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Author Topic: New E-Mail virus  (Read 3792 times)
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ConfusedUs
 

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« on: 2004-01-27, 22:15 »

Well for some reason, there's a virus spreading like wildfire. It's fairly similar to all of the other recent email viruses. It pretends like it's an email error message with a binary attachment. The attachment is a ZIP file with the virus in it rather than an EXE, SCR, or PIF attached directly, so virus scanners are having trouble finding it. When you open it, it starts your run of the mill spoof-your-email-and-send-to-everyone-on-your-computer worm. It apparently will try to DDOS attack sco.com on Feb 1 as well.

Anyway, I made this a news item since it seems a stupid number of stupid people are opening these attachments. Don't be stupid.

Thanks to http://www.shacknews.com for the info
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Phoenix
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« Reply #1 on: 2004-01-28, 02:16 »

The Novarg worm has a few variants now.  Norton's trapped .pif, .scr, .exe and .bat versions of it on the way into my netzero addy.  I've already had 20 attempts from people to email me this thing in one day, so I can only assume a LOT of people are being idiots and not patching.   Spammers have a bad habit of making this problem epedemic as well because you get mass mails with multiple addresses.  Also PLEASE PLEASE PLEASE turn off the "automatically add people to your address book" feature.  If you DO get hit with a virus then people you've spoken to maybe once and never hear from again are in your address book and they get hit with the virus, and it only helps to propagate this crap.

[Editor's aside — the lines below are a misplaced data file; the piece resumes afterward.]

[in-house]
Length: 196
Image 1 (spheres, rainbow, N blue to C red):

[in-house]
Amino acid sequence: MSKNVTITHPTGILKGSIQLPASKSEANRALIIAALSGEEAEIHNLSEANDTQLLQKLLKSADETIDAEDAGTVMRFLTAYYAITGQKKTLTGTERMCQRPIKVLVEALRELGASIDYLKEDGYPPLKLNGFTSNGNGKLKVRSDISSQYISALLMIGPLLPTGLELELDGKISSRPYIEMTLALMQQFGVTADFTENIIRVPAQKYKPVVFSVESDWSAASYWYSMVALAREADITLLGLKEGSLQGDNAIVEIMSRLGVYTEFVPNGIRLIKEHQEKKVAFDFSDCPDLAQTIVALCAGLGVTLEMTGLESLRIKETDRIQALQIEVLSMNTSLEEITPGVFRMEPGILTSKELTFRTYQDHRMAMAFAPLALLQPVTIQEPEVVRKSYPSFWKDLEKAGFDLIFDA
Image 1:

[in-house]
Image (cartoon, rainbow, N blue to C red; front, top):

This one is also using the typical "scan the address book and forge the header" routine, so watch your messages carefully.  If you get emails from someone you know and it says "Hi" or "Hello" in the subject line with an attachment, do NOT open it.  It's also unlikely the person the email is supposedly from really has the virus and sent the email.  In those cases the virus snagged their addy from someone else's book whom they contacted in the past whom in turn got infected and the virus forged the header with the address snagged from the book.  You may also get mailer daemon failure notices with attachments on them bounced back from addresses you never sent anything to.  Same deal.

With that being said, be careful.  Just because the email is supposedly from someone you know treat it as an imposter until proven otherwise.  If you're not using email scanning and a good antivirus program with up to date definitions then YOU are also part of the problem.  Patch, scan, and be safe!
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ConfusedUs
 

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« Reply #2 on: 2004-01-28, 02:21 »

According to this article, one in every twelve emails has been infected.

http://www.cnn.com/2004/TECH/internet/01/2...read/index.html
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ConfusedUs
 

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« Reply #3 on: 2004-01-28, 07:03 »

To put this into perspective, I get, on average, one email a day.

I've gotten over 25 in the last 12 hours, and not a single one was real. All were virus-laced.
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